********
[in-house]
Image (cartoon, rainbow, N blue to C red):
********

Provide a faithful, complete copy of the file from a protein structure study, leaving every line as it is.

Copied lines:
[in-house]
Image (cartoon, rainbow, N blue to C red):